“We have a product installer built around it. We have a controller framework that monitors instances of the Node engine, scales it up, scales it down, that runs it isolated per service,” said Jung, adding that its support features include a built-in, web browser-based, interactive debugger.
Also, on hand for the discussion was RedMonk principal analyst and co-founder Stephen O’Grady, who said of SAP HANA’s Node.js support, “it’s embracing the lightweight nature, the versatility of the platform, its embed-ability.”
“It’s essentially a platform that solves a very specific set of needs very neatly,” O’Grady observed.
Listen to all TNS podcasts on Simplecast.
This podcast is also available on YouTube.
“When HANA was still quite young, we were looking at what customers and partners were doing,” said Jung. “They were putting a lot of their logic in the database itself. We saw an opportunity there to deliver an embedded application server inside the database, so that when you’re building these applications if you could put almost all the logic in the database anyway, it kept you from having to go out and find a Java or a .NET — in our case, sometimes, an application server — to put in front of that.”
“We didn’t want the traditional application server — large-scale, stateful, necessarily takes a lot of memory. We wanted something lightweight and pass-through that was just there as part of the database, and that could do basic RESTful server enablement and web serving, and not a whole lot else,” Jung recalled. “It’s not an area where you write a lot of application logic intentionally designed that way. We would want that in the database itself, to take advantage of the parallel processing and in-memory capabilities that HANA has.”
“We started off focused on reducing the cost of ownership of the total application, by having this application server in the database,” he said. “Every database instance of HANA has this application server already up and running in it. So it’s not something extra that an administrator has to turn on or configure.”
“It’s basically no extra cost to maintain this because it’s hidden behind the scenes in the database itself.”
“It also simplifies the development model,” Jung added. “When you’re building an application, you’ve got one archive to deploy, and it’s got the application server artifacts and the database artifacts in it.”
“I think if we zoom out a little bit from an industry perspective,” he added, “we see a tremendous amount of fragmentation and diversification of languages and runtimes used, and frameworks used, in enterprise context.”
“Ten years ago, there were one or two, maybe three, different sanctioned languages, typically something on Java or .NET; if you built an application, that’s how it got built,” O’Grady continued. “Today, both of those technologies are still around; they are still quite popular; they’re still used in a wide variety of contexts. But we see used alongside them a tremendous amount of different technologies, different runtimes, different languages.”
“We see this huge explosion — a flowering, if you will — of different languages employed,” he said, “essentially, different tools for different jobs, trying to take advantage of the relative strengths and weaknesses of a given platform.”
Jung stated that the SAP HANA team feels good about the technical foundation for installing and scaling Node.js. “We obviously have the continued item of keeping up with Node,” he said, adding that they’re on an aggressive schedule, so as not to fall behind releases.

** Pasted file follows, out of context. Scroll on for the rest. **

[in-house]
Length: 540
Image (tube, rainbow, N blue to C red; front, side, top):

“We have a major release of HANA twice a year, and at each of those we want to keep up with the latest Node versions. We are already using Node 4 internally and ready to roll that out, and then planning for the release later this year to move up to 5. There is a lot of work keeping up because of the fast-moving foundation to the runtime,” he said.
“The other area we’re really focused on is a lot of investment on the tooling and framework side. We want to build more framework pieces, more reusable node modules.” Jung also said that, besides already shipping a web-based development tool, “we want to automate more things, make development more comfortable, do some cute tricks behind the scenes so that debugging is easier so that you don’t have to restart the Node service to debug it.”
“We’re building a unit test framework for Node,” he added. “Things like that are almost like convenience features, but expected in the enterprise.”
“We’re not building them all from scratch ourselves,” he explained. “We had to pull various pieces together, and then fill in the last mile to make it all work together in our environment.”
“It is a big, new world for us, both from the containerization standpoint, and part of the larger Node.js community,” said Jung. “We want to start looking at how we can take some of the things we’ve built — some of our modules, the wrappers, the frameworks to pull together several popular open source modules — how we can contribute those back to the community so that they don’t remain SAP-specific. There are some that will probably always be SAP-specific, but then there are some that just extend the overall platform, and it would be good to contribute them back.”
“This first year, we’ve dealt internally before we released it. We have been consuming things from the community, but until things were finished, we couldn’t contribute back. Now we want to come up with a good model where we can do that.”
SAP is a sponsor of The New Stack.